The Importance of Soil pH

Blueberries are distinct among fruit crops in their soil and fertility requirements. As members of the Rhododendron family, blueberries require an acidic (low pH) soil, preferably in the 4.8 to 5.5 pH range. When soil pH is appreciably higher than 5.5, iron chlorosis often results when soil pH drops below 4.8, the possibility of manganese toxicity arises. In either case, plants do not perform well. Blueberries have a relatively low nitrogen requirement and thrive on organic fertilizers. Soil pH...

References

Remind customers of blueberry's benefits. The Seasonal Marketer. July. p. 8. Anon. 2000. Blueberry elixir reverses age-related symptoms. Agriculture Research (USDA). February. p. 23. Anon. 1999. Blueberries may provide anti-ageing boost. Earth Save. Anon. 1991. Cost-effectiveness of anti-bird netting for blueberries. HortIdeas. April. p. 42. Anon. No date. The cultivated blueberry market. North American Blueberry Council. www.blueberry.org Baker, J.B., J.F. Hancock and D.C....

Blueberry Fertilization Practices

Soil-building practices prior to establishment can go a long way toward providing the fertility necessary for a healthy blueberry planting. High levels of soil organic matter are especially important in blueberry culture, contributing to the soil's ability to retain and supply moisture to the crop, buffering pH, and releasing nutrients through decay. Soils rich in organic matter are also a desirable environment for symbiotic mycorrhizal fungi that assist blueberry roots in absorbing water,...

Choosing a Variety

Blueberries are members of the genus Vaccinium and belong to the Rhododendron family Ericaceae . The Vaccinium genus contains several species of economic importance. The highbush blueberry Vaccinium corymbosum is the most widely cultivated, grown from the Mid-Atlantic to California, Oregon, and Washington, and from the Upper Midwest to the Mid-South. The lowbush wild blueberry V. angustifolium is adapted to the far North and is commercially important in Maine, Eastern Canada, and parts of New...

Attra

National Sustainable Agriculture Information Service Abstract Blueberries are the most widely grown fruit crop in the U.S. Blueberries are well-suited to organic culture, and good markets exist for organically grown blueberries. This production guide addresses key aspects of organic blueberry production, including soils and fertility, cultural considerations, pests, and diseases, as well as marketing. Additional resources are provided for further investigation. By George L. Kuepper and Steve...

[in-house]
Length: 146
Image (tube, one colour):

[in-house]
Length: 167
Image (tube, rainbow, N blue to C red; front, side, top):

Interrow Management

Blueberries do not have extensive root systems. As a result, clean cultivation of row middles to control weeds and to incorporate cover crops is less damaging to blueberries than it is to bramble fruits. Still, it is wise to till no deeper than 3 inches. Similarly, inter-row living mulches also called sodded middles generally are not competitive with the crop unless the inter-row species are aggressive and invade the rows. Fescue is commonly used in the Mid-South for sodded middles, as are...

Bird and Rodent Control

Birds are a common pest of blueberries. Their impact varies, depending on location and bird density. Oregon reported up to 60 crop loss from birds. Main et al., circa 2000 In a Florida study Main et al., circa 2000 , blueberries protected with bird netting yielded the same as those unprotected. Various methods of control have been tried including scare-eye balloons, Mylar reflective tape, and sonic devices with varying levels of success. The problem with most repellents or scare tactics is that...

Diseases

Diseases in plants occur when a pathogen is present, the host is susceptible, and the environment is favorable for the disease to develop. Changing one of these three factors may prevent the disease from occurring. Pathogens responsible for blueberry diseases include fungi, bacteria, nematodes, and viruses. If these pathogens are present, manipulation of the environment and the host, to make it less susceptible, help to manage diseases on blueberries in a more sustainable manner. Check with...

Insect Pests

Rabbiteye blueberries seem more tolerant of insect damage than highbush varieties. Although insect damage in blueberry plantings rarely reaches economic thresholds, regular monitoring by scouting and use of insect traps is advised. As discussed in the previous section, the use of beneficial insect habitats along crop field borders increases the presence of beneficial insects. If you are releasing purchased beneficial insects, these field-edge habitats will encourage them to remain and continue...